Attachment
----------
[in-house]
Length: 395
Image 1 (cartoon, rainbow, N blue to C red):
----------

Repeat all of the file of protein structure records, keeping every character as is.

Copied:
[in-house]
Length: 395
Image 1 (cartoon, rainbow, N blue to C red):